New Zealand pole vaulters have just overcome the Commonwealth Games, but they'll soon face the "very big mission" of travelling home with those huge poles.
Eliza McCartney came away with a silver medal at the Gold Coast's Carrara Stadium on Friday. Olivia McTaggart was also competing and pulled off a result of 4.30m.
The 18-year-old says her team will head back to New Zealand with long bags of around 10 poles, measuring upwards of 4m.
"[Travelling with the poles] is a very big mission for us," she says. "Some planes don't take them."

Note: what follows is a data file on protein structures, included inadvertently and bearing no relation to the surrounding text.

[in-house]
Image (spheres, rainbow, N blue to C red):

Athletes and coaches have to be particular with airlines to make sure they don't arrive at competitions without poles. The Kiwi team travelled to the Gold Coast with Air New Zealand.
"Our cargo team is well practised at carrying items of all shapes and sizes," a spokesperson for the airline says.
"In the past, we have carried large items such as America's Cup boats, V8 supercars, and Formula 1 cars."
New Zealand coach Jeremy McColl says they always get "a few funny looks" at airports as they check in their blatantly oversized baggage.
"We know they fit," he says. "Sometimes you'll get someone who'll joke about chopping them in half. 'Will that work?' I'm like, 'No.'"
On the road, pole vault poles are usually carried on roof racks or down the middle of bus aisles.